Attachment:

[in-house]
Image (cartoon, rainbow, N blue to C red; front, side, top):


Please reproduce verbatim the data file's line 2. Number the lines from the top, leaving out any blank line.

Image (cartoon, rainbow, N blue to C red; front, side, top):